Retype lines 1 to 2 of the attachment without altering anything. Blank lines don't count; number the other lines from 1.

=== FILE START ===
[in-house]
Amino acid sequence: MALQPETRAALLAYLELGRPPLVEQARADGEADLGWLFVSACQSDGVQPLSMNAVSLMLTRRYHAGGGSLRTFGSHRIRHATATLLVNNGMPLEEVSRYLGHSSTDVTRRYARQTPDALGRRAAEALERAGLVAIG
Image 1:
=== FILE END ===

[in-house]
Amino acid sequence: MALQPETRAALLAYLELGRPPLVEQARADGEADLGWLFVSACQSDGVQPLSMNAVSLMLTRRYHAGGGSLRTFGSHRIRHATATLLVNNGMPLEEVSRYLGHSSTDVTRRYARQTPDALGRRAAEALERAGLVAIG